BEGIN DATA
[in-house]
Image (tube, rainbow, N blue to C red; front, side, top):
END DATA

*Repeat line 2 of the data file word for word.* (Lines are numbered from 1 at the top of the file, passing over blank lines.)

Image (tube, rainbow, N blue to C red; front, side, top):